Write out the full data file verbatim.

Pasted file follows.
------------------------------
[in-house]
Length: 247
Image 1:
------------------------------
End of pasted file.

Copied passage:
[in-house]
Length: 247
Image 1: